- Some of the best protein foods for managing blood sugar include: wild fish such as salmon, free-range eggs, grass-fed beef or lamb, raw dairy products (including yogurt, kefir or raw cheeses), and pasture-raised poultry
- Healthy fats include: virgin coconut oil, MCT oil, extra virgin olive oil, nuts and seeds (like almonds, chia, hemp and flax), and avocado. Coconut oil, ghee and grass-fed butter are all some of my favorite fat-burning foods for managing blood glucose levels while also improving the taste and filling quality of your meals.
- High-fiber foods include: fresh veggies, whole pieces of fruit (not juice), sprouted beans or peas, and ancient grains. Some of my favorite foods especially high in fiber are artichokes, green leafy vegetables, chia seeds, flax seeds, apples, pumpkin seeds, almonds, avocado and sweet potatoes.
- According to an article in Diabetic Living magazine, other foods and drinks that make great additions to a blood-sugar-stabilizing diet include apple cider vinegar, cinnamon, green tea, herbal teas, fresh herbs and spices.
2. Switch Up Your Carbs and Sweeteners
While all types of added sugars are capable of raising blood sugar levels, some sources of sugar/carbs affect blood glucose levels more so than others. When you use appropriate amounts sparingly, natural/unrefined, ideally organic sugar sources (such as those from fruit or raw honey) are less likely to contribute to poor blood sugar management than refined sugars (such as white cane sugar or refined products made with white/bleached wheat flour).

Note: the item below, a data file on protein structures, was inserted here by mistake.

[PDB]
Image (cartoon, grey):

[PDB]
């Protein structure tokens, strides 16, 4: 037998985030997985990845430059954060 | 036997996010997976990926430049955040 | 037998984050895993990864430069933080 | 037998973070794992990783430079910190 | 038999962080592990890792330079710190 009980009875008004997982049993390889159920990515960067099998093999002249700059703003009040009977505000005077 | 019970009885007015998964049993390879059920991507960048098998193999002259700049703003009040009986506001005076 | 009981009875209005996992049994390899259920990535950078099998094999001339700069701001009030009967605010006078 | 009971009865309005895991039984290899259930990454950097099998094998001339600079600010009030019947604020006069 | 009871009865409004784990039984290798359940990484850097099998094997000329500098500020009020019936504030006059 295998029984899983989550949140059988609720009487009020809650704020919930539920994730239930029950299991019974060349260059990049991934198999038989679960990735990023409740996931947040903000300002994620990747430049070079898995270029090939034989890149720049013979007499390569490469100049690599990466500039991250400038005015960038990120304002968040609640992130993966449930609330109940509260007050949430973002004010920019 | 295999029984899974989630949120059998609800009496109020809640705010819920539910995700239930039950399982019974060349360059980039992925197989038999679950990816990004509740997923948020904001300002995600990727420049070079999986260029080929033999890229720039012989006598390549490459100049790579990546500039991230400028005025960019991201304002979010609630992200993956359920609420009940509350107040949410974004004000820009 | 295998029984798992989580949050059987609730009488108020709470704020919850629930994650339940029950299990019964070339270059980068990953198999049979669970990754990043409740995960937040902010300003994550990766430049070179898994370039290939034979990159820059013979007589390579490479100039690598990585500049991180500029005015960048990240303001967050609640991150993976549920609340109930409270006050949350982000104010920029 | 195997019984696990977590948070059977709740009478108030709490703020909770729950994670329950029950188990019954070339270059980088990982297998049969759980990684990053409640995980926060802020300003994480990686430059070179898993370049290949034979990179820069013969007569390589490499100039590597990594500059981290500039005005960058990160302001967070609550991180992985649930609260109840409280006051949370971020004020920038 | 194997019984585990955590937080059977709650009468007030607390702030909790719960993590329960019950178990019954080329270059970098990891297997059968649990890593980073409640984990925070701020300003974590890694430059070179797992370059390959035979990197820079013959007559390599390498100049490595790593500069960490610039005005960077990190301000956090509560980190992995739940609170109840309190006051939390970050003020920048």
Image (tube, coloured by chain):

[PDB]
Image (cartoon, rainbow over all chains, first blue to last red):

To help sustain normal blood sugar, check ingredient labels carefully, since sugar can be listed under dozens of different names.
- Skip anything made with refined flour (also called wheat flour or “enriched flour”) and added sugars, such as beet sugar/beet juice, cane sugar, high fructose corn syrup, fructose and dextrose.
- Instead choose natural sweeteners, including raw honey, organic stevia, dates, pure maple syrup or blackstrap molasses.
- Most importantly, still watch your portion sizes, using only a small amount per day of even natural sweeteners (such as one to three teaspoons daily).
- When it comes to grain-flour products, it’s best to consume grains in their whole form whenever possible as opposed to in flour form, which tends to spike blood sugar more. But if you must use flour, choose those made with 100 percent whole grains, or else try coconut flour or almond flour for an even healthier option.